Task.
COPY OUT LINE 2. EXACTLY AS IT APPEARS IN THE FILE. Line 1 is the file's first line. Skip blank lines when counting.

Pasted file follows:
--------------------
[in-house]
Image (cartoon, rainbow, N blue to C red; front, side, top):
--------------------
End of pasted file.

Image (cartoon, rainbow, N blue to C red; front, side, top):